Panelists will include Autumn Womack, an assistant professor in Princeton’s Departments of English and African American Studies, whose research focuses on the intersection of late nineteenth- and early twentieth-century African American literary culture, visual studies, and print culture; Kinohi Nishikawa, an associate professor in the Departments of English and African American Studies, who specializes in twentieth-century African American literature, book history, and popular culture; and Arminda Thomas of CLASSIX, a dramaturg, theater director, producer and archivist. The panel will be moderated by Michael Dinwiddie, an associate professor at New York University and playwright, whose teaching interests include cultural studies, African American theater history, dramatic writing, filmmaking and ragtime music.

CLASSIX focuses its work on plays by authors of African descent from around the world that speak profoundly to the times in which they were written and resonate deeply with the current time. The organization engages artists, historians, students, professors, producers and audiences to launch these plays into the public imagination and spark productions worldwide. CLASSIX began in 2017 as a series of staged readings in collaboration with the Martin E. Segal Center. In 2019, the collective worked with Theatre for a New Audience to produce an ongoing series of readings. The first play in this series, Alice Childress’s 1966 play, Wedding Band, was produced in February 2020. CLASSIX engages the larger narrative of these plays through conversations with historians and theatre makers on its podcast series, social media platforms, and in live events; educational outreach; new writings and analysis; and an archive of information on its website. In collaboration with colleges and universities, the collective is looking at how the plays can be incorporated into curricula across disciplines, including history, politics, economics and African American studies.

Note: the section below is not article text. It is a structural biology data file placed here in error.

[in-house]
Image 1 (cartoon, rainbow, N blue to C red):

Upcoming events under the new Princeton/CLASSIX partnership include a symposium examining two events that have their 100th anniversary in 2021: the debut of the landmark all-Black Broadway musical, Shuffle Along, and the Tulsa, Oklahoma Race Massacre. Other projects being considered include an oral history project, with students helping to gather the recollections of theater makers, and a new course crosslisted with Humanistic Studies on performing the CLASSIX archive, Living Newspapers theater, and documentary theater.

A Past Becomes a Heritage: The Negro Units of the Federal Theatre Project is part of year-long Princeton Humanities Council Magic Project. A signature program of the Humanities Council, a Magic Project is a deliberate intervention designed to create new collaborations and to be an intentional shaping force in the landscape of the humanities at Princeton.

The recorded play readings and the panel discussion will be live captioned. Attendees in need of other access accommodations are invited to contact the Lewis Center at least two weeks in advance at

To learn more about the Program in Theater and the more than 100 performances, exhibitions, readings, screenings, concerts, and lectures presented each year at the Lewis Center, most of them free, visit